Being arrested and charged with an allegation of Murder in the First Degree carries the potential to forever change a life. Personal relationships and individual freedom are very much literally on the line. However, it’s important to understand the paramount rule of the US criminal justice system: an arrest isn’t the same as a conviction, and you’re not guilty unless a prosecutor proves it beyond a reasonable doubt.
There are several defenses to murder, and one or more of them may present a strong strategy for fighting the charges – or reducing them to a lesser crime. Time is of the essence to discuss your circumstances with a Minnesota homicide defense attorney. You have a greater advantage when you retain legal representation as early as possible in the criminal proceedings.
Some important information on your defense options may also help you understand that your situation is possibly not as grim as you think.
Attack the Prosecution’s Allegations
Proof beyond a reasonable doubt is an extremely heavy burden for the prosecutor, who must establish every essential element of first-degree murder, including:
- A willful intent to take a human life; and,
- Premeditated deliberation to kill, which could range from a split-second thought to a long period of planning.
In addition, Minnesota’s statute covers a wide range of conduct generally categorizes as the “felony murder” rule. The State of Minnesota can file a first-degree murder charge if someone is killed during the commission or attempted commission of a separate felony, even if the death wasn’t intended.
The first line of attack in fighting murder charges is gathering as much information to refute one or both of the elements that the prosecutor must establish. An inkling of a doubt or question in the minds of the jury could result in an acquittal.
Defenses to Murder
Though you may be unsuccessful in disproving the allegations as set forth by the prosecution, you still have ample opportunity when it’s your turn to present your case-in-chief. There are multiple options available as “complete” defenses, which means you’re acquitted if you’re successful.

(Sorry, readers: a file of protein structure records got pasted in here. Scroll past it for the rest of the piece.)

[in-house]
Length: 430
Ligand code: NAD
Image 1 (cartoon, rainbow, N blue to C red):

This falls under Minnesota’s statute on Authorized Use of Force, which allows a reasonable amount of force under certain circumstances. You could be able to beat first-degree murder charges if you were trying to protect yourself from the victim.
To claim self-defense in a first-degree murder case, you need to show:
- That you didn’t engage in any aggression yourself;
- You believed that you were in imminent danger of being killed or sustaining great bodily harm;
- Your belief was reasonable under the circumstances; AND,
- There was no opportunity for you to retreat to a safe location where you could avoid the threat.
With respect to #4, you may recognize this element as a “stand your ground” concept, a rule which Minnesota does NOT follow. This is why you have a duty to retreat from the violent encounter before using deadly force. If you’re unable to get away, only then can you engage in deadly force and claim self-defense to fight the charges.
The Innocence of the Underlying Felony
In a case where you’re charged with felony murder for killing someone in connection with committing a felony, there’s a defense if you’re not guilty of the underlying crime.
This defense is closely associated with the intent element of a first-degree murder charge. You need to prove that you suffer from some medical condition that:
- Renders you unable to understand what you were doing;
- Makes you incapable of knowing right from wrong;
- Leads you to act on uncontrollable impulses; or,
- A combination of all these issues.
In addition, you should keep in mind that there are other defenses that are partial in nature. This means that you don’t completely beat the charges and gain an acquittal. Instead, successful use of the defense means you can have the charges lowered, such as to Murder in the Second or Third Degree.
Schedule a Consultation with a Minnesota Murder Defense Lawyer Right Away
For more information on defenses to murder and potential strategies for fighting the charges, please contact the Criminal Defense Attorneys at Arechigo & Stokka, P.A. to speak with our criminal defense lawyer.
You can set up a free consultation at our St. Paul, MN office by calling 651-222-6603 or visiting our website. Our attorneys fight for the rights of clients throughout Minnesota and North Dakota in both federal and state court, so we’re prepared to take on your defense.